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Mayor Walsh discusses racism in Boston

Boston Mayor Martin Walsh delivers the introductory remarks for a series of conversations on race in Boston. PHOTO BY BRIAN SONG/ DAILY FREE PRESS STAFF
Boston Mayor Martin Walsh delivers the introductory remarks for a series of conversations on race in Boston. PHOTO BY BRIAN SONG/ DAILY FREE PRESS STAFF

Over 600 people attended a town-hall style discussion on race relations at the Cutler Majestic Theatre on Saturday morning. Hosted by Boston Mayor Martin Walsh, the talk touched on prevalent racial issues and sought ways to curb them, according to a video from the event.

Walsh recalled at the beginning of his speech his days of mayoral campaigning, when he encountered a woman who asked him, “What’s the state of racism in Boston today?”

“When you’re running for mayor, you don’t want to say bad things,” Walsh said in the video. “You want to say good things.”

In response to the woman’s question, Walsh said he simply answered, “We’re doing better today than we did before.”  But the woman, Walsh said, continued on pressuring him about the diversity of his campaign.

“That night, I was upset. I was angry because I didn’t have the right answer,” Walsh said. “And we went back. I can’t say ‘We’re better than we were.’”

From that point on, Walsh said, hosting racial discussions became one of his campaign’s promises – and the Saturday morning talk is a manifestation of that, he said in the video.

James Rooney, the president and CEO of the Greater Boston Chamber of Commerce, said that the business community carries a responsibility to ameliorate racial strife and the economic gap.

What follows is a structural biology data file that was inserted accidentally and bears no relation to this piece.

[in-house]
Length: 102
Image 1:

“A recent report by the Brookings [Institution] and the Federal Reserve Bank ranked Boston as No. 1 in terms of economic inequality,” Rooney said. “That’s not the Boston that Marty Walsh wants to be a mayor of, and that’s not the Boston that I want to be president of the chamber in.”

Otis Rolley, the Africa and North America regional director of 100 Resilient Cities – of which Boston is a member – said in the video that dealing with racism is the key to achieving urban resilience.

“Racism may seem, to some, as an issue that exists in relative isolation from the rest of the city’s problems; it does not,” Rolley said. “It lies at the root of an effort to achieve true urban resilience in this city and elsewhere.”

Nino Brown, an organizer for the Mass Action Against Police Brutality, said in an interview with The Daily Free Press after the event that Donald Trump’s election to the presidency brings racism, sexism and bigotry into the seat of political power.

“The fact that this is happening in liberal Massachusetts shows that no state, no place, no inch on this nation is free from racism, sexism, Islamophobia, what have you,” Brown said. “So we have to stop buying into the narrative that Massachusetts is somehow fundamentally different from the South or the Southwest.”

Several Boston residents said the city should not be a home for racist attacks, and that Boston and Massachusetts officials need to step up legal measures to curb such crimes.

Leslie Quinn, 60, of Roslindale, said having open conversations is crucial to set differences aside and cool racial tensions down.

“There’s concern for it; I think Trump is a bully,” she said. “It’s a going to be a test to see if the Constitution works and if the Bill of Rights works and all the work that’s been done for the last 50 years.”

Richard Michaud, 56, of Jamaica Plain, said he has seen city residents coming together in rallies to call for unity – a starting point to maintain a peaceful atmosphere in the city.

“Since the Trump election, I think a lot of people are showing their true colors for voting for the president in the first place,” he said. “Everybody’s kind of uncertain about what’s going to happen. I just see a lot of people reacting to different situations.”

Jeremiah O’Sullivan, 69, of the South End, said people who support the upcoming presidency seem to be benefiting off of the racial tensions.

“The reality is we have a new president who has been unpopular,” he said. “The big fear is the undocumented because he’s going to return three million. I don’t agree – most of the undocumented are working, living good lives. They’re not causing crime.”

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